Reverse culture shock is tricky. I’ve been back in the U.S. for about a month now. In many ways, I am still in the honeymoon period. I am thrilled to have hot water, I love grocery shopping, the array of available hair products at CVS almost made me cry. And it’s beautiful to have family and friends close by (or at the very least, a domestic phone call away). This is where my “real life” is, and I am glad to be back to it.

But other things are overwhelming. I feel about the mall now the way I first did about open air markets in Yaoundé. School is back in full swing. A professor waxed poetics on the first day of class about how invigorating it was to see the bright-eyed freshman, returning upperclassmen, all of us still young and idealistic. Mostly, though, I’m annoyed. I have “field experience.” The classroom suddenly feels unbearably tame. There is such a high level of stress for such unnecessary things. No one in frontier zone Côte d’Ivoire would stress about writing papers. People worry about putting food on the table, the shaky political process, disarmament of rebel groups. And then there’s the fact that things cost a lot. I miss twenty cent avocados the size of both my fists. Now I am back to the world of three dollar iced coffee and my wallet hurts.

When I’m out, I put a lot of energy into not talking about Africa at all (because I know if I start I’ll never stop). I try to be positive (admittedly having not such great success with this). I’ve also been talking with friends of mine who frequently pass between cultures. One friend spent a year in South Asia. His advice: indulge in all the foods you missed, take a minute when you need to, remember that there are good people everywhere. Another friend recommended burying myself in the library, transforming my angst into a boosted GPA. But the most candid discussion I had about reverse culture shock was with a friend of mine who is the Army and currently on his third tour in Iraq. He was honest: it’s going to be hard for a while. He says that when he comes home the excess of everything angers him. He finds himself being harsh with family and friends, frustrated at his inability to explain his perspective. He said he started volunteering in a local soup kitchen the last time he was home. He said he saw “the same faces” lining up for a free meal as he did on patrol in Iraq.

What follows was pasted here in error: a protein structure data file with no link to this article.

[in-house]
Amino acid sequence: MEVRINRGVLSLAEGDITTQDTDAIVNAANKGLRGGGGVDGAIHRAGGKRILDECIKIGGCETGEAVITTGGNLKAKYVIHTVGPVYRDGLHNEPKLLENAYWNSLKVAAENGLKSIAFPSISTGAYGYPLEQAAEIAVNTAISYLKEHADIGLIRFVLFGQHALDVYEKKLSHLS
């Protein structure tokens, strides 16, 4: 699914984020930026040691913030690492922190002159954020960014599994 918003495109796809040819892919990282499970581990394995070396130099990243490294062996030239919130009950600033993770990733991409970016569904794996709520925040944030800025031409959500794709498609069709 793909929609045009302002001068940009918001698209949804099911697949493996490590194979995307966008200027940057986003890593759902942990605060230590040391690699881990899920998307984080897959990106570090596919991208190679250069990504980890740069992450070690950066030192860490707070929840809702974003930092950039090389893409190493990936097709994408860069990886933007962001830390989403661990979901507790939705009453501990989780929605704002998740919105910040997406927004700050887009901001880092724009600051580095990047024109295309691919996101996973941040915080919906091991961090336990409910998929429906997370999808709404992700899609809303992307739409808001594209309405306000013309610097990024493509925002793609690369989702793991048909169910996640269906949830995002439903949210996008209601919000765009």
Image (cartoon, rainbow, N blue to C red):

I think the temptation when returning home from a distance is to romanticize your experiences or use them to place yourself on a moral pedestal (I’ve seen real poverty, I’ve seen real life). But those are false positions. My conversation with my friend in the military reminded me that life is hard for people all around the world. There are pockets of the third world within America. And through it all there are the intangibles which hold constant. We love our families, friends, we search for a way to reconcile our present with our hopes and dreams. What I learned during my time abroad informs my life here. I need to use my experiences to be a more effective person, sister, daughter, friend, citizen.

In conclusion, I’m realizing that the whole homecoming process will take time. I will feel out of my element for a while. This is normal, and I am certainly not the first one to go through it. In the meantime, though, the World Cup Trinity (Shakira, Akon, and K’naan) is getting heavy rotation on my iTunes.